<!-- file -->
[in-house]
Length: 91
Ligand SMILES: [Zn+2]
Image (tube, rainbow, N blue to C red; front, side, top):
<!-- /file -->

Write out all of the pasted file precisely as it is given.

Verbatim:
[in-house]
Length: 91
Ligand SMILES: [Zn+2]
Image (tube, rainbow, N blue to C red; front, side, top):